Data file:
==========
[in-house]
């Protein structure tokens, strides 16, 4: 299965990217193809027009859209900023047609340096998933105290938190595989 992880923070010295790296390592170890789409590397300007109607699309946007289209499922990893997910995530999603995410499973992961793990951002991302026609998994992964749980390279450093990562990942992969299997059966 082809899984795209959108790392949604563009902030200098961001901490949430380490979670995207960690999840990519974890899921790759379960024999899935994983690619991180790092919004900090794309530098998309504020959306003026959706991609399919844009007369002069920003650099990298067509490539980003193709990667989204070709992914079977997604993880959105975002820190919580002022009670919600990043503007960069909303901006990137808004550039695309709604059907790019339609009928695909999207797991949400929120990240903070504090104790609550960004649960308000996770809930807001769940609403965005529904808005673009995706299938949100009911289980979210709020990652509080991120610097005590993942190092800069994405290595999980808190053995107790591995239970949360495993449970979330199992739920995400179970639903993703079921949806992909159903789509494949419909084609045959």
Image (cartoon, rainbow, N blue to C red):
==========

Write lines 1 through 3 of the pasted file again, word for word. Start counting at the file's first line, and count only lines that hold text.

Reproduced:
[in-house]
């Protein structure tokens, strides 16, 4: 299965990217193809027009859209900023047609340096998933105290938190595989 992880923070010295790296390592170890789409590397300007109607699309946007289209499922990893997910995530999603995410499973992961793990951002991302026609998994992964749980390279450093990562990942992969299997059966 082809899984795209959108790392949604563009902030200098961001901490949430380490979670995207960690999840990519974890899921790759379960024999899935994983690619991180790092919004900090794309530098998309504020959306003026959706991609399919844009007369002069920003650099990298067509490539980003193709990667989204070709992914079977997604993880959105975002820190919580002022009670919600990043503007960069909303901006990137808004550039695309709604059907790019339609009928695909999207797991949400929120990240903070504090104790609550960004649960308000996770809930807001769940609403965005529904808005673009995706299938949100009911289980979210709020990652509080991120610097005590993942190092800069994405290595999980808190053995107790591995239970949360495993449970979330199992739920995400179970639903993703079921949806992909159903789509494949419909084609045959």
Image (cartoon, rainbow, N blue to C red):